Tuesday, May 17, 2011

Screenwriting/Film Industry and Education Banter

This is a response I made to a "Hollywood North" podcast that I thought I'd share.

I often stress the importance of taking classes that the student has no or little previous knowledge of. College is the perfect opportunity to make new discoveries, and should be taken advantage of. It makes me cringe when I hear a student has declared their major before they have even begun their first year. College is not necessarily meant for developing a skill, but discovering an interest that can lead to a passion. Furthermore, I believe college should not be geared towards making the student "job-ready", instead college should help a student gain knowledge regardless of the subject and allow them to gain life skills and experience.

Everyone wants to be appreciated and flattered; artists love to deny it, but they have major egos. After all, art is simply a false sense of contributing to human history that will inevitably one day be forgotten. However we cling to the belief that our impact can continue to be felt by future generations. Writers love being behind the scenes and are indeed in search of meaning to their life, but most screenwriters are not obsessed with the fame and the wealth. They are striving for a higher purpose, whether it exists or not.

It's unfortunate studios/producers etc. want to play it safe and not take risks when it's possible the film could be new and perhaps revolutionary. This is something I've really learned recently, and find it often discouraging (contributing to my cynicism towards the movie industry). It's too often films already have an established market whether it's a remake, adaptation, or fits the criteria of something that works again and again (i.e. "torture porn"). I've learned that by evaluating if the film has an established market or not will give you a good idea whether the film will be good or not- this saves time when picking a movie to go see at the theater!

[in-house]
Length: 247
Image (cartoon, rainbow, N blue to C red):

The only job as an entertainer is to be entertaining- to not be boring, to allow people to escape. I think there can be a third reason: to educate someone. Of course you cannot solely be educational, but a successful movie can leave people with a bad feeling in their gut... but they've learned something. However, to be even more effective you can leave the audience with hope and the inspiration to do something good- did I just contradict myself? PS, I watch a lot of documentaries and social/political narratives.

An excellent movie will remove me from analyzing it and allow me to simply enjoy it. My high school lit/film teacher told me to never walk out of a theater, because you can always learn from its the film's mistakes; I've always kept true to this rule. I suppose that if you're not a filmmaker, you might as well walk out since you're probably wasting your time.

1 comment:

Anonymous said...

i just read an article talking about how the film industry is so obsessed with remakes of proven successes, hence pirates 5, the string of xmen, remakes of classic cartoons into real life, etc etc etc. if you look at the movie listings its very true. and all "blockbusters" are just remakes or new versions of other movies. mark wahlberg pushed the fighter for like fifteen years because nobody would let him try something different.